Gen. Shinseki will lead the Department of Veterans Affairs

Discussion in 'US' started by armchair_jihad, Dec 9, 2008.

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  1. I am glad to see this, the good General was shockingly treated by 'Rummy' and W's other frat boy cronies.

    And given the out-fcuking-rageous scandal at Walter Reed and the like he will hopefully be a terror to uniformed paper shufflers.


    In full

    http://www.nytimes.com/2008/12/09/opinion/09tue2.html?ref=opinion
     
  2. Oh please... Shitseki was a pocket padding assclown who managed to misuse what budget he had in a variety of nosensical ways. Replacing functional headgear with a beret, forcing the fielding of the Stryker by bypassing both Congressional procedure and competative testing, highering a high priced civilian PR firm to come up with that Army of One nonsense... etc. In the years before 9/11 he managed to rob line units of their training budget which had a severe impact on our ability to react and respond. The man was a failure as ACOS... period. No doubt he will find a way to enrich himself as head of the VA as well.

    Rumsfeld had one saving grace.. he was the right man for a peacetime secretary of defense believe it or not. The guy did wonders in cutting off funding for stupid programs (Crusader anyone?) and cracked down on the freewheeling procurement of non essential gear that was going on. Shinseki was already read the riot act and told to stand in the corner to ride out his last few months before retirement when the brown stuff hit the fan. Yeah, he squeeked off some basic doctrine that Rummy promptly discounted and ignored as he had zero respect for the speaker and no damned sense of his own for any sort of ground operation.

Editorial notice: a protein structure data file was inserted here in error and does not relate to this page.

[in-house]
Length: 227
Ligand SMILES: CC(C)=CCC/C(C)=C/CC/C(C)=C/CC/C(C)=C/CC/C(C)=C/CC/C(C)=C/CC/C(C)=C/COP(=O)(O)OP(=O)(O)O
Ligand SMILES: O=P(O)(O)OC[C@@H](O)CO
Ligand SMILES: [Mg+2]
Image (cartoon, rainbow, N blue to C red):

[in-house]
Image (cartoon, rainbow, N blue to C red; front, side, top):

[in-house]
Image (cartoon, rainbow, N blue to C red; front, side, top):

3. Hold on - hasn't Stryker turned out to be the right choice? Medium brigades, rather than an insistence on purely heavy stuff? An attempt to get closer to the Regimental system, rather than a trickle-posted branch system?

    Your ire should be reserved for the pork-barrel morons like Newt Gingrich, whose objections to Stryker were based on campaign funding.
     
  4. The Stryker is a prime example of biased procurement. It is better than a HMMWV for patrolling the streets of Iraq no doubt but the entire manner in which it was fielded violated the law and gave us a seriously over priced combat Winnebego that has many short comings which still haven't been solved.

    First off... the decision to go with an AM General licensed copy of MOWAG's piranha-III was made purely at the top with no comparison testing and without the approval of Congress. Contrary to what many believe, defense expenditures require congressional oversight... and Shinseki pulled a fast one on that body. When noise was made by lobbyists from a rival company, a sham of a comparison test was slapped together to fool the politicians.

    Rather than use examples from all the potential vehicles out there that fit the specifications, the Stryker was put up against only an unmodified ten year old M113A3 from stocks. Two platoons were selected and equipped with the respective vehicles and given a few weeks to prepare for the upcoming tests. Both platoons were from the same company in the battalion slated to be the first to be equipped with the Stryker... exact same chain of command with a guy at the top who's career depended upon a successfull "transformation."